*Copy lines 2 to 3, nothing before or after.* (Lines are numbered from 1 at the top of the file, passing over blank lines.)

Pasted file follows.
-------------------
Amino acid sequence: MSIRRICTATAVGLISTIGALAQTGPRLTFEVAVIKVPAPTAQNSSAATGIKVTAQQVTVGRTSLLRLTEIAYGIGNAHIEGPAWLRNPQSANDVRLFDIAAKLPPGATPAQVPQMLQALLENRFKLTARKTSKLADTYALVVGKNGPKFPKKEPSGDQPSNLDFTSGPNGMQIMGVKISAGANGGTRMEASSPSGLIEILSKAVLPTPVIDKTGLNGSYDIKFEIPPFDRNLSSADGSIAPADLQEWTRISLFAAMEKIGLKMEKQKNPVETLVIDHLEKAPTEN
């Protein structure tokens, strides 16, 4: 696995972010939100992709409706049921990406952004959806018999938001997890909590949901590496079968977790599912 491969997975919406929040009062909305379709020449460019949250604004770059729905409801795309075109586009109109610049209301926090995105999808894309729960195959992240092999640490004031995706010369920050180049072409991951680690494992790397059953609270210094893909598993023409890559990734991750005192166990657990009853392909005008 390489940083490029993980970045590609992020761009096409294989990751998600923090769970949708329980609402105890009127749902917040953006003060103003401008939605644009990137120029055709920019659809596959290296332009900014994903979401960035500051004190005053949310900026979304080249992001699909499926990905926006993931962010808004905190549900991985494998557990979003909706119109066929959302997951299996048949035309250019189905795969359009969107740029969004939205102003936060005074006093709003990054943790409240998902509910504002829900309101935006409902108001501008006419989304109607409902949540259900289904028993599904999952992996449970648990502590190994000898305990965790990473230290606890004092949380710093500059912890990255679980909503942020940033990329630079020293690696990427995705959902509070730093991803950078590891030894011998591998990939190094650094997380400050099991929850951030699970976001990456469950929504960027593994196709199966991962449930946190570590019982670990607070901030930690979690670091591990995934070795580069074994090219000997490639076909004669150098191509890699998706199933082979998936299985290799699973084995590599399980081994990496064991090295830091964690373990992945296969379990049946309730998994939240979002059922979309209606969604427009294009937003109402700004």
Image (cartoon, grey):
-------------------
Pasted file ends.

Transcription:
């Protein structure tokens, strides 16, 4: 696995972010939100992709409706049921990406952004959806018999938001997890909590949901590496079968977790599912 491969997975919406929040009062909305379709020449460019949250604004770059729905409801795309075109586009109109610049209301926090995105999808894309729960195959992240092999640490004031995706010369920050180049072409991951680690494992790397059953609270210094893909598993023409890559990734991750005192166990657990009853392909005008 390489940083490029993980970045590609992020761009096409294989990751998600923090769970949708329980609402105890009127749902917040953006003060103003401008939605644009990137120029055709920019659809596959290296332009900014994903979401960035500051004190005053949310900026979304080249992001699909499926990905926006993931962010808004905190549900991985494998557990979003909706119109066929959302997951299996048949035309250019189905795969359009969107740029969004939205102003936060005074006093709003990054943790409240998902509910504002829900309101935006409902108001501008006419989304109607409902949540259900289904028993599904999952992996449970648990502590190994000898305990965790990473230290606890004092949380710093500059912890990255679980909503942020940033990329630079020293690696990427995705959902509070730093991803950078590891030894011998591998990939190094650094997380400050099991929850951030699970976001990456469950929504960027593994196709199966991962449930946190570590019982670990607070901030930690979690670091591990995934070795580069074994090219000997490639076909004669150098191509890699998706199933082979998936299985290799699973084995590599399980081994990496064991090295830091964690373990992945296969379990049946309730998994939240979002059922979309209606969604427009294009937003109402700004």
Image (cartoon, grey):